BW: I think the Spartans take it (knock on wood), because I think they’re the better team.  I love the matchups of MSU’s receivers versus the ND secondary, and while I think Cousins will be sacked 2 or 3 times, I also think that the offensive line will give him enough time to make the plays he needs to make.  I like that MSU is coming off the easiest, least physical game I can recall, while ND lost an emotionally draining game in demoralizing fashion.    I have a hunch that ND’s desperation is going to be a net negative, particularly if MSU can get some early scores, and while I haven’t ever seen a Notre Dame Stadium crowd boo the Irish, I think the unrest and unease will be palpable if the Irish are slow out of the gates.I like MSU by a touchdown, but considering the madness we’ve seen over the years in this series, it’s tough to be confident in any prediction.  At the very least, here’s to yet another highly entertaining game.

***

Special thanks to Ben for taking the time out for these answers. You can check out TheOnlyColors.com for more about the big game on Saturday, and follow them on Twitter @TheOnlyColors.

Notre Dame 99-to-2: No. 34 Jahmir Smith, early-enrolled freshman running back

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Listed Measurements: 5-foot-11, 200 pounds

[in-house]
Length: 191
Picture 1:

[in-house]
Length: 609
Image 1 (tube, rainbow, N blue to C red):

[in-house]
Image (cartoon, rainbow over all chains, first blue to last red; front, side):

2018-19 year, eligibility: Early-enrolled freshman with four years of eligibility remaining, including the 2018 season.
Depth chart: The actions of others (dismissed running backs Deon McIntosh and C.J. Holmes) will have immediate consequences for Smith. He finished spring third on the depth chart of prototypical running backs, behind junior Tony Jones and senior Dexter Williams, while sophomores Jafar Armstrong and Avery Davis worked as receiver/running back possibilities in that mix, as well.
Recruiting: A consensus three-star prospect, Smith was recruited far and wide, hearing from both his homestate North Carolina and from the opposite coast in Cal and USC. He committed to Notre Dame in July of the summer before his senior year, though, ending any possible drama as the No. 20 running back in the class, per rivals.com.

QUOTE(S)
Given Smith’s likelihood of playing this fall, his early enrollment’s innate head start in the weight room and learning the playbook should pay quick dividends.